From Rock Bottom to Columbia: My Journey of Recovery

In early March of 2020, life really wasn’t going my way. I had just dropped out of highschool, totaled my car and was working off my community service requirement for an underage possession charge. I was on the cusp of adulthood and to me it seemed I had already made too big a mess out of my future to hope of ever repairing it. What really baffled me was that no matter what I did I could not stay sober. That spring I found myself in a hospital bed again after a brief period of sobriety. I like it when things make sense. When life resembles a story, with a beginning, climax, and resolution. This hospital visit was the obvious turning point in my story. It was tragic enough that I could say to myself “Isaac, this is the part where you get sober, it has to be”. One week later I was on my way to Legacy. 

Spring of 2020 was an interesting period for many of us, as so with me. I probably remember it more fondly than most. The pandemic couldn’t have come at a better time for me. It helped me overcome the willingness boundary that so many of us face when embarking on the path of recovery. It felt like the world was taking a break so I could work on myself. The first couple days with my group were hard. I had not been around people my age without drugs and alcohol in months. I had to relearn some basic social skills and paid for my ineptitude in many awkward interactions, despite the best efforts of my peers to welcome me into the group. In spite of these social challenges, I found myself able to contribute to the group in other ways. I had grown up in Utah and had spent much of my childhood hiking and camping in the mountains. I was quite comfortable in this environment, which left me with plenty of energy to contribute to group tasks. I began to enjoy being useful to others. In active addiction there was rarely a time when people needed me, or a time when I was in a position to be helpful. I began to feel a new self worth, and started to see that I could have a place in other people’s lives.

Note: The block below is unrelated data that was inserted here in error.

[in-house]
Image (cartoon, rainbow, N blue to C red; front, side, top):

The social apprehensions soon fell away. I became very close with the other guys in my group. That is the best thing about wilderness therapy. It is often said that the opposite of addiction is connection, and in “woods” you have plenty of time and shared experience with your peers to form extremely strong connections. Some of the guys in my group I still keep in contact with years later. Two of them ended up going to the same aftercare program with me in Tucson, they are some of my closest friends. I began to really enjoy each day, not because of any excitement or pleasure, but because of the meaning I found in being present with others and walking in harmony with nature. 

Aside from the community I found at legacy, and the connections I made there, I also learned alot from my sessions with my therapist. His name was David Weider, and he changed my life. He no longer works at Legacy, but I know his impact is still felt by those he helped. He had a similar story to mine, but his had a much better ending than the one I had imagined for myself. He had traveled the world, had fallen in and out of love. He had lived a full life, the opposite of the one I was living. Back then I had no heroes. Addicts rarely have time for heroes. David became my first. Of the many things he and the program taught me about myself and about the world, two I find of utmost importance.

First, human beings need dreams. When an addict is transitioning to sobriety, one of the first things they will find is that they have a new mass of free time and free space for thought. This was true for me. My mind up to this point had been in a spiral of needing to feel pleasure because I was bored, and being bored because all I had was pleasure. When I got sober, I had to find something else to occupy my mind. David told me stories of his great adventures and I began to dream of my own. Not only did I dream of grandeur (that I could do before I got sober) but plans of how to accomplish these things began to form. I began to draw self-worth from my dreams, and in turn found some happiness in them. I began to be fueled in my new life by the goals of the future, which I had failed to conceive of in the past because I ruled them out as impossible.